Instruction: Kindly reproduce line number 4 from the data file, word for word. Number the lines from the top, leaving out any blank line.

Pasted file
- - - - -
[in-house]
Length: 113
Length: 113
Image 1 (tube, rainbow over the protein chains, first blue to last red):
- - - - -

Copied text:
Image 1 (tube, rainbow over the protein chains, first blue to last red):